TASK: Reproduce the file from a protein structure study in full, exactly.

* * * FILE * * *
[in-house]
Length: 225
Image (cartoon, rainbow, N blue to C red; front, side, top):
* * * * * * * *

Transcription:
[in-house]
Length: 225
Image (cartoon, rainbow, N blue to C red; front, side, top):